Ecto is not your application: how to register your persistence application?


Today, I have been reading a lot about “Phoenix is not your application”. With everything conceptually centered around the talk Architecture: The Lost Years (Robert C. Martin), I bumped into these Elixir specific resources on applying it with an umbrella app:

In the last article, he refers to an example app on Github in which I think he got most right, except the direction of the dependencies between the service and the DB apps. If I understood it correctly from Robert’s talk, the service - containing the business logic - should be presenter and persistence agnostic. I would expect that the service app should only have dependencies to the db_behaviour modules, but not to the db modules. Am I right on this assumption?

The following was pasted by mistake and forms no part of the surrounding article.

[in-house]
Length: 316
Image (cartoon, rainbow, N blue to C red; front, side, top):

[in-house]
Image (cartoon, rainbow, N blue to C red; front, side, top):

If so, the question then remains: how to fix this? How to set up this umbrella app in such a way that service and restaurants_db both depend on restaurants_db_behaviour, but the service not directly on the implementation while calls from the service to the gateway behaviour are correctly routed to the implementation?

Any example code available?



Hi Ringo,
I also was inspired by Robert’s presentation and wrote those two posts that you mentioned. I’m glad you liked them.
I updated the code from my repo from that example application with a few fixes. Please check it out.

Going back to your question in Elixir if you want to access a module from another umbrella application you need to put it as a dependency inside mix. So we need to add as a dependency restaurants_db_behaviour and also the implementation restaurants_db.

We can change the dependency using config variables as below.

Inside config.exs:

config :service,
   restaurants_db: RestaurantsDb,
   users_db: UsersDb,
   shopping_db: ShoppingDb

In the test.exs:

config :service,
  restaurants_db: RestaurantsDbMock,